Recession Caution Follows Banks’ Earnings


Simpler Trading Team

4 min read

As banks began reporting fourth quarter earnings, good or bad, headlines started cropping up regarding a central theme – mild economic recession ahead.

And the caution poured out by the banks spilled over into the stock market which was choppy to the point of presenting difficult trading conditions.

When the market shifts and twists – losing ground before pulling back to positive at the close – what keeps traders from getting trapped in the turmoil?

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‘Mild recession’ ahead, says bank chairman

Top brass at JPMorgan Chase & Co., Bank of America, and Citigroup Inc. all reported 2022 fourth quarter earnings on Friday with varying levels of profit and across-the-board caution for 2023.

“The U.S. economy currently remains strong with consumers still spending excess cash and businesses healthy,” stated Jamie Dimon, Chairman and CEO of JP Morgan Chase & Co.

He followed his press statements with media interviews where he cautioned of a “mild recession” ahead.

“We still do not know the ultimate effect of the headwinds coming from geopolitical tensions including the war in Ukraine, the vulnerable state of energy and food supplies, persistent inflation that is eroding purchasing power and has pushed interest rates higher, and the unprecedented (U.S. central bank) quantitative tightening.”

These key banks kicked off earnings season which heats up over the coming weeks. After the bank earnings numbers were released the three major indexes showed a calmer sentiment among stock market participants.

Stocks closed Friday on a winning week with the Dow inching higher to 34,302.61 points to gain .33% (adding 112.64 points on the day). The Nasdaq notched higher to 11,079.16 points for a .71% improvement while the S&P 500 rallied higher by .40% to 3,999.09 points.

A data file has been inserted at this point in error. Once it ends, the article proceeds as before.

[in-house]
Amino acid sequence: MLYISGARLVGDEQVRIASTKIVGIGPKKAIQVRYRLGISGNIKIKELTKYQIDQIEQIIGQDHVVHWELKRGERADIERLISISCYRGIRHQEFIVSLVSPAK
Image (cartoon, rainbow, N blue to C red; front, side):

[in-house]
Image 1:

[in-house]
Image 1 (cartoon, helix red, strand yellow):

Avoid traps of stock market turmoil

This stock market has presented new challenges for traders that will continue through 2023.

Traders can no more control the stock market than they can inflation or the Federal Reserve fighting inflation. The key is to not get trapped in the turmoil.

“One of the most critical things that will separate you from being a successful trader and lasting in this game is really focusing on the things that we can control,” said Taylor Horton, Vice President of Directional Options Strategies at Simpler Trading. “As traders, we are not in control of everything.”

The stock market opens each day with a new slate, and can present unexpected challenges.

“My best advice is to focus on what you can control,” said Taylor. “There are a few things we can control as traders: showing up every day with a game plan, ready for either direction. Keep in mind that every day we can go higher, lower, or even nowhere.”

Focus on controlling trading plan, risk, emotions

No one knows the exact direction of the market ahead and each trading session starts at the opening bell. As a day trader, Taylor sees his job as seeing what the market is doing and reacting.

“Once we recognize what the market is doing based off information provided from the open, that is when we need to focus on what we can control,” Taylor said. “We have no clue what the market will do every single day. We all have to be humble enough to understand that.”

When the stock market is on a tear, and tearing up market participants, traders can always default to what they can control – a pre-defined trading plan, risk exposure, and emotion.

“This is a skill set that needs to be developed sooner rather than later,” Taylor said. “Understand, as a trader, it’s your job to process information and make good decisions. Always focus on the things you can control.”

This skill set allows traders to navigate market conditions on the traders’ terms.

“When we see the market chopping, being aggressive and likely to hurt you rather than help you, we need to have that mental discipline and emotional control to really step back, take a hold of ourselves and not allow these days in the market to do more damage than they need to do,” Taylor emphasized.

Follow Taylor more in the Simpler Options trading room or in his newsletter.